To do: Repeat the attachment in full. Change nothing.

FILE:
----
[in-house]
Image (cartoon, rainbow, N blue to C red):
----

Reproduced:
[in-house]
Image (cartoon, rainbow, N blue to C red):